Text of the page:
The Parliamentary Boundary Commission wants to take Poynton out of the Macclesfield Constituency and move the village into a new seat, including parts of Stockport and Greater Manchester. The Commission last month published draft proposals for new constituencies. If approved, these will be used at the next General Election. All proposed constituencies must have roughly equal numbers of voters (between 71,031 and 78,507 electors).

The Commission argues that Poynton should no longer be part of the Macclesfield seat, but instead be in a new constituency called Bramhall and Poynton. This also includes Adlington, Disley, Hazel Grove, Stepping Hill, Offerton, Handforth, Dean Row and Woodford.

Poynton Conservatives believe strongly that Poynton should remain part of the Macclesfield Constituency and not form part of this new seat with Bramhall and other areas of Stockport. Our reasons include:

  1. Poynton is surrounded by Green Belt, and is not part of the Greater Manchester conurbation. Poynton and Norbury Brooks form a clear physical boundary dividing Poynton from Hazel Grove and Bramhall. There are no “strong geographic links” between the two areas.
  2. There is a bus service between Poynton and Hazel Grove village but no rail service, and no buses to Bramhall. There is no public transport at all to other areas in the proposed constituency, including Dean Row, Handforth, Woodford or Offerton. The road north from Poynton to Hazel Grove is badly congested. Road links are better south on the A523 road to Macclesfield.
  3. Poynton and Bramhall, Hazel Grove and Offerton have been in separate counties for over 40 years. They have different police forces, health authorities and education systems. (Poynton has an 11-18 High School whilst in Stockport most students attend Sixth Form colleges).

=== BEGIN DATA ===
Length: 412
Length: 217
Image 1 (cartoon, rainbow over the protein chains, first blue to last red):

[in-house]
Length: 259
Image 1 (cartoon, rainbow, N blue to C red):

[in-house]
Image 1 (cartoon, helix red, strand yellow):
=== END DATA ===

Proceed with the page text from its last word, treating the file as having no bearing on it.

4. We believe it would be more difficult for an MP to represent a constituency where over 60% of the electorate came under Stockport and the rest under Cheshire East.
  5. For almost seventy years, Poynton and Hazel Grove and Bramhall have been in separate constituencies. There is no pressure from the community for any change.
  6. Attempts in 1974 to include Poynton in Greater Manchester were strongly opposed by local people and eventually defeated. While it is recognised that the current proposals relate only to Parliamentary boundaries, there is concern that this may be used in future to argue for a change in the local government boundaries.

There is more information and maps of the proposed constituencies on the Boundary Commission’s website:

A 12 week public consultation has now started. Comments on the proposals can be made online on the Commission’s website, or by writing to: Boundary Commission for England, 35 Great Smith Street, London, SW1P 3BQ. Comments must be received before 5 December 2016. Please note that all comments will be published online by the Boundary Commission – see their website for more details.